2. Natura. We luxuriated on the organic EcoHaven in Austin, Texas at a fantastic store called Wildflower Organics. If you’re ever in the area, you should seek out this place. In addition to great mattresses, they carry non-toxic and organic furniture, bedding, home decor, towels, and baby supplies. Wonderful, wonderful store with great staff! Anyway, back to the mattress. We really liked the EcoHaven, although we both agreed that something slightly softer would suit us better. It consists of 2 layers: one medium dunlop layer with a thinner layer of soft talalay on top (for more on dunlop vs. talalay, go here). This mattress runs about $2600 for a queen and $3300 for a king, although individual dealers may offer you a nice discount.
3. SavvyRest. This is the company we eventually selected, and I have no regrets. They make mattresses with either 2 or 3 layers in dunlop and/or talalay. We lovedthe flexibility offered by SavvyRest. Not only can you pick the softness level of each layer, you can split the individual layers so that each side of the bed is different. The SavvyRest website claims that testing the bed in person isn’t necessary, and, believe it or not, I agree. Dominick, one of the company’s representatives, was amazingly helpful! He asked me lots of questions and eventually guided me toward what has turned out to be an ideal configuration for my husband and me. We selected a 3-layer mattress with medium dunlop (my side) and firm dunlop (Justice’s side) on the bottom, a split layer of soft talalay in the middle, and a solid layer of soft talalay on top. Heaven!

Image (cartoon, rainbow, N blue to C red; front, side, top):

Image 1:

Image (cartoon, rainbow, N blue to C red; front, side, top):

If you choose SavvyRest, I strongly recommend discussing your layer choices over the phone with a representative before ordering, rather than using their online tool. I thought I knew what I wanted, but Dominick’s knowledge and experience of the product was invaluable in making the decision. One of their best customer service features is the option to exchange a full layer of the bed for a different firmness level for free. So just in case you don’t get it quite right the first time, you can fix it. Please do check out their website for much, much more information. I love this small company for their commitment to quality and absolute honesty, their green-ness (which has been recognized with rewards), and their efforts to provide safe products at a reasonable price. Speaking of price, a dunlop queen costs $1,849 (talalay is $2,299), while the dunlop king is $2,299 (talalay is $2,699).
You might be overwhelmed right now. Am I suggesting that all reasonable people must dash out and purchase an organic latex mattress to avoid toxins right this minute? Not at all. I am saying, however, that if you’re in the market for a mattress, why not make it a safe one? It’s easier and more affordable than you might think (if you go with the right company), and you’ll serve your body, your unborn children, and your environment well.
Soon, I’ll write a post about the bed frame and linens we selected. But right now, it’s late, and my fabulously safe, soft mattress awaits me. Until tomorrow…